up to 1 cup sugar of your preference
.5 tsp baking soda
.5 tsp salt

1-gallon wide-mouth jar
mesh fabric or cheese cloth
large rubber band or chef’s string

gently wash your pineapple to remove dirt or debris, but not with soap in order not to lose the natural yeasts that come with the fruit, which will get the fermentation going. cut the top and base off the fruit and discard. trim the skins off the fruit, cutting off as little fruit as possible. cut out the core using your preferred method [i quarter the fruit lengthwise and cut the core out of each quarter lengthwise on an angle]. chop all these trimmings into large pieces, about 1″ square or so. reserve the remaining pineapple fruit for another use.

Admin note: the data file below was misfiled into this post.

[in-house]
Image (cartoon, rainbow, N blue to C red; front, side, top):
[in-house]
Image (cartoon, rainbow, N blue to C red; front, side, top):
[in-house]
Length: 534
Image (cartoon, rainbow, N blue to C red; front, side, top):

place pineapple scraps, salt & baking soda in a 1-gallon wide-mouth jar. add the sugar you prefer, up to 1 cup. i say this, because i’ve used quite a bit less with similar results. i use about half a cup currently. fill the jar with water, stir and cover with a mesh or cheese cloth, tie it down around the mouth of the jar, and set on the counter to ferment. stir regularly, “whenever you think of it” my neighbor says, to keep pineapple scraps from sitting at the surface in the air. you may see a thin white film form on the surface. this is common to countertop fermentations, just stir it back in and keep going.

taste after 5 days. it should be tart and robust, similar to kombucha. i’ve left it out up to 10 days, again with no problems. flavor should become sharper the longer fermentation continues. when you like it, strain and refrigerate.

my neighbor serves it over ice on a glass with a salt rim. try it straight first, and then pair it up however you like. enjoy!